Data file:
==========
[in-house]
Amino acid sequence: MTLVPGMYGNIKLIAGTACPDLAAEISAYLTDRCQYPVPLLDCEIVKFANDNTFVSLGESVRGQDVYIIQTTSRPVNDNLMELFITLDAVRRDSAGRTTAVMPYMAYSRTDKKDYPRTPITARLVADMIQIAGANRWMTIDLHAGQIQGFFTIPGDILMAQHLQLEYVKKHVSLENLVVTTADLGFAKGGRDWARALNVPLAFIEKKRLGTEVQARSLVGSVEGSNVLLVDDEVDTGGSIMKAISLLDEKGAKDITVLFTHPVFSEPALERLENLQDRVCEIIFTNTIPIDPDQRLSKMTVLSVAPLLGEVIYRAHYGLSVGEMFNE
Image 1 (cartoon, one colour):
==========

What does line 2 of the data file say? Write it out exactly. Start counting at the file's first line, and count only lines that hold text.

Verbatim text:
Amino acid sequence: MTLVPGMYGNIKLIAGTACPDLAAEISAYLTDRCQYPVPLLDCEIVKFANDNTFVSLGESVRGQDVYIIQTTSRPVNDNLMELFITLDAVRRDSAGRTTAVMPYMAYSRTDKKDYPRTPITARLVADMIQIAGANRWMTIDLHAGQIQGFFTIPGDILMAQHLQLEYVKKHVSLENLVVTTADLGFAKGGRDWARALNVPLAFIEKKRLGTEVQARSLVGSVEGSNVLLVDDEVDTGGSIMKAISLLDEKGAKDITVLFTHPVFSEPALERLENLQDRVCEIIFTNTIPIDPDQRLSKMTVLSVAPLLGEVIYRAHYGLSVGEMFNE